Wilson said the hires and transfers will undergo training over several months before starting inspections. Cal/OSHA expects its beefed-up unit to conduct comprehensive inspections at four refineries per year, each lasting roughly five months – compared with the 50 to 70 hours of staff time typical of inspections before the Chevron fire.
An official with the U.S. Chemical Safety Board questioned whether Cal/OSHA was taking the right approach in its hiring.
“They need more experienced people,” said Don Holmstrom, head of the federal agency’s Western region investigations office. “Not all of the people need to be experienced people, but you could have half of them with 10 or more years in a refinery or a chemical plant.”
Only about one-fourth of the 19 inspectors in the beefed-up inspection unit will have that much experience, according to numbers provided by the Department of Industrial Relations. All of those were with Cal/OSHA at the time of the Chevron fire.
“It doesn’t sound necessarily like they are hiring the same kind of people we would hire,” Holmstrom said.
Hancock said lawmakers wanted “enough highly qualified inspectors to go into these very dangerous and complex places – people who are skilled engineers in this area – and make sure safety regulations are being met.”
Ready for challenges
Only inspectors with experience and knowledge will be equipped to take on companies like Chevron with “armies of lawyers who are qualified and highly trained, and they challenge every fine, every finding, no matter how small, and string it out,” Hancock said.
Holmstrom echoed Hancock’s concerns, adding that even the holdover veterans at Cal/OSHA aren’t “chemical engineers with refinery experience.”
They may have experience operating refineries, he said, “but don’t have technical experience needed to challenge the companies. Without it, that’s not going to happen.”
Baker said the holdovers have “over 60 years of combined hands-on experience in refinery work, which has contributed enormously to the effectiveness of our oversight.”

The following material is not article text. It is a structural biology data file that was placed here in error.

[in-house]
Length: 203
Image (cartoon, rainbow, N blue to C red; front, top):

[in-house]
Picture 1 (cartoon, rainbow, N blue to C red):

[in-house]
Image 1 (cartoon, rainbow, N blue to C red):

She added that although “staffing is critical” to improving refinery safety, increased staffing alone is “insufficient to improve refinery safety at the pace and scale that I believe is needed.”
“Like most public health and safety problems, enforcement efforts are most effective when they are part of a comprehensive prevention effort,” Baker said.
For the newly created refinery inspection team to do its job, she said, it “must be provided with modernized regulations” that would make refineries provide proof that they identify and fix hazards. The Department of Industrial Relations is drawing up such rules, Baker said.
Big enough team?
Federal officials aren’t sure that even a 19-inspector unit is enough, given that the state is responsible for ensuring that California’s 14 active refineries and 1,800 chemical plants are being run safely.
Great Britain, which has the same number of oil refineries as California, dedicates a team of four inspectors per refinery, backed up by scientific experts, said Holmstrom, who recently visited England to study its approach to refinery safety.
Hancock said she is determined to “figure out how to get the inspections done that we need, and if (state officials) can’t provide them, we ought to give it back to the federal government – let the CSB (Chemical Safety Board) run our oil refinery program. I’m looking to see evidence that there is some sense of urgency and commitment here.”
Wilson said California’s reform process has been rapid, by the state’s standards, but change “doesn’t happen overnight.”Jaxon Van Derbeken is a San Francisco Chronicle staff writer.